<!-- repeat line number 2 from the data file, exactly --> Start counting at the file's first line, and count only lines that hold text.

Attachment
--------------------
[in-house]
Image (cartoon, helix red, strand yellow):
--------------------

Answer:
Image (cartoon, helix red, strand yellow):